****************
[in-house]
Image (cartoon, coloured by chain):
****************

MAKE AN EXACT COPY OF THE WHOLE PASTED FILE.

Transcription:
[in-house]
Image (cartoon, coloured by chain):